White House says coronavirus injections for children under 5 could start June 21


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White House coronavirus response coordinator Ashish Jha said Thursday that long-awaited vaccinations for children under 5 could begin as early as June 21, pending decisions from regulators and health officials. public.

States can begin ordering vaccines on Friday, with 10 million doses initially available. States have been urged to prioritize distribution to high-risk children, hard-to-reach areas, and sites such as children’s hospitals that will be able to vaccinate large numbers of children quickly.

Most injections should be given in pediatricians’ offices. There are approximately 19 million children under age 5 in the United States.

Jha said the date was a planning scenario, not a certainty, and would depend on whether the Food and Drug Administration determines Moderna and Pfizer-BioNTech’s pediatric vaccines are safe and effective. The Centers for Disease Control and Prevention must also recommend the injections before they can be administered.

“I am not here to prejudge the outcome of this process. The administration is working hard to plan all sorts of scenarios depending on the outcome,” Jha told a press briefing. “If and when the FDA clears, we move from planning to execution.”

The FDA’s outside advisers are scheduled to meet June 14-15 to discuss pediatric vaccines, and the agency is expected to act quickly after the meeting. If the FDA grants clearance, Jha said, the government can start shipping doses.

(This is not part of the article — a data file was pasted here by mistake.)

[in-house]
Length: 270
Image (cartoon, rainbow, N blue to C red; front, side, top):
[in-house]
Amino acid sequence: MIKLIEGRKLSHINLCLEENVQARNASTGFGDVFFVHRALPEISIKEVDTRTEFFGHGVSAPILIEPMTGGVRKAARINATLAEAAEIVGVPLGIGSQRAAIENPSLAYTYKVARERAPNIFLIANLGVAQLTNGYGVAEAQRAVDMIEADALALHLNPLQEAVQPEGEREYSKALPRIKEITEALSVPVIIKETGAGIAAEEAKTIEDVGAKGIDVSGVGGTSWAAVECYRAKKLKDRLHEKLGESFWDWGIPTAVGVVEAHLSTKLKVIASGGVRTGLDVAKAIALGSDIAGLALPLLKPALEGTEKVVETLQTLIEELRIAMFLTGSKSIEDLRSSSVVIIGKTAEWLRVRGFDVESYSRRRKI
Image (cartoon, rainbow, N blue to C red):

CDC advisers are expected to meet soon after the FDA makes a decision, and Jha predicted vaccinations would begin after the long weekend. June 20 is a public holiday and some medical offices will not be open. He predicted that vaccinations could start on June 21 at the earliest.

On Wednesday, Pfizer and its German partner, BioNTech, finalized their request for emergency authorization of a three-shot vaccine for children 6 months to 4 years old. Moderna filed its application in late April for a two-shot regimen for children 6 months to 6 years old. The agency is also reviewing data on older children and adolescents, since shooting is currently permitted for those 18 and older.

Frustrated parents repeatedly questioned why the Moderna vaccine review was taking so long, but Jha said the FDA’s decision was based on the agency’s ability to review the data.

“They moved very quickly to consume and analyze a very large slice of data from Moderna,” Jha said. “At the end of the day, we all want to go fast, but we want to do it right.”

Peter Marks, director of the FDA’s Center for Biologics Evaluation and Research, previously told the Washington Post that the review of the Moderna vaccine was not delayed to allow simultaneous review of the two companies’ vaccines. He added that if analyzes of Moderna’s and Pfizer’s injections were completed within a week of each other, the FDA would schedule their review side by side.

The Moderna diet consists of two injections, four weeks apart. It was found to be 51% effective in preventing disease in children 6 months to 2 years old and 37% effective in children 2 to 5 years old.

The Pfizer diet is three strokes. The second injection is given three weeks after the first. The next blow comes two months later. The ultimate efficacy of this vaccine is not known, but early analysis – which is subject to change – suggested it was 80% effective against symptomatic disease.


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